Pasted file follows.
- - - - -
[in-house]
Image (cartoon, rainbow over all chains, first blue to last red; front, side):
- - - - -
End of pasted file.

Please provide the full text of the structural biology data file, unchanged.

[in-house]
Image (cartoon, rainbow over all chains, first blue to last red; front, side):